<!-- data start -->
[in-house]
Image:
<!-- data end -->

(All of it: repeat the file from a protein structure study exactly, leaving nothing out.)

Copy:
[in-house]
Image: